Heart Healthy Living

— Written By and last updated by
en Español / em Português

El inglés es el idioma de control de esta página. En la medida en que haya algún conflicto entre la traducción al inglés y la traducción, el inglés prevalece.

Al hacer clic en el enlace de traducción se activa un servicio de traducción gratuito para convertir la página al español. Al igual que con cualquier traducción por Internet, la conversión no es sensible al contexto y puede que no traduzca el texto en su significado original. NC State Extension no garantiza la exactitud del texto traducido. Por favor, tenga en cuenta que algunas aplicaciones y/o servicios pueden no funcionar como se espera cuando se traducen.


Inglês é o idioma de controle desta página. Na medida que haja algum conflito entre o texto original em Inglês e a tradução, o Inglês prevalece.

Ao clicar no link de tradução, um serviço gratuito de tradução será ativado para converter a página para o Português. Como em qualquer tradução pela internet, a conversão não é sensivel ao contexto e pode não ocorrer a tradução para o significado orginal. O serviço de Extensão da Carolina do Norte (NC State Extension) não garante a exatidão do texto traduzido. Por favor, observe que algumas funções ou serviços podem não funcionar como esperado após a tradução.


English is the controlling language of this page. To the extent there is any conflict between the English text and the translation, English controls.

Clicking on the translation link activates a free translation service to convert the page to Spanish. As with any Internet translation, the conversion is not context-sensitive and may not translate the text to its original meaning. NC State Extension does not guarantee the accuracy of the translated text. Please note that some applications and/or services may not function as expected when translated.

Collapse ▲
Coronary heart disease flyer

Have you ever had that feeling where your lose your breath for a few minutes, your palms starts to sweat, you feel a little bit shaky and light headed and your heart just start to race? Where you feel like your heart is being squeeze or burst out of your chest? No I’m not talking about falling in love, I’m talking about symptoms of a heart attack. Did you know that every 40 second, someone in the United States has a heart attack?

A heart attack occurs when the blood flow that brings oxygen to your heart is severely reduced or cut off. This happens because coronary arteries that supply the heart with blood flow becomes clogged or narrowed from a buildup of plaque consisting of fat, cholesterol and other substances. A heart attack is not the same for everyone and can vary between men and women which is why it’s important to learn the signs of a heart attack.

February is a month of love and hearts but not just the candy kind. It’s also National Heart Health month where American everywhere turns their attention to the No. 1 killer of American: Heart Diseases. This event was first proclaimed by President Lyndon B Johnson in 1964, nine years after his heart attack.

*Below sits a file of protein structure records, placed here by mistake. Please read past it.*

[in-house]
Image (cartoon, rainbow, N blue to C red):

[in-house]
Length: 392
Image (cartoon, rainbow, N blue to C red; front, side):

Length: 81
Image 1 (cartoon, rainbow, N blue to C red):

Heart disease kills more people than all forms of cancer combined. According to the American Heart Association, 83% believe that heart attacks can be prevented but aren’t motivated to do anything. While technology has helped advance many of our modern medicine, an unhealthy lifestyle choices combine with rising obesity rates in both kids and adults have hinder progress fighting with heart disease.

On a positive note, heart disease is preventable, all you need to do is start taking steps towards living a healthier lifestyles. Here are some tips to living a healthier you:

  • Start by getting your blood pressure and cholesterol check. Both of these are major risk factors for heart disease, especially if you’ve had a medical family history of heart diseases.
  • Choose heart health foods including more vegetables such as leafy greens, broccoli, and carrots, making your grains whole, choosing protein rich foods such as fish, lean meats, nuts, seeds, and legumes, and choose food high in monounsaturated and polyunsaturated fats. Try to limit food high in sodium, saturated and trans fat, and added sugar
  • Maintain a healthy weight. If you haven’t done so, check out your BMI or Body Mass Index at the National Heart, Lung and Blood Institute with their BMI Calculator.
  • Get in at least 30 minutes moderate-intensity aerobic activity each day—this can including a brisk walk, running, biking, and swimming.
  • Manage stress. Consider healthy stress reducing activities such as: talking to a professional counselor, participating in a stress management program, practicing meditation or deep breathing or talking with a friend, family or religious support system.

You can start living a heart healthy life by learning more about different heart healthy choices and steps that you can take to reduce your chances of getting heart disease. Check out the National Heart, Lung, and Blood Institute or the American Heart Association to learn more about heart health for National Heart Health Month. Follow us in the month of February via our Extension Facebook page for more tips on living a heart healthy lifestyle.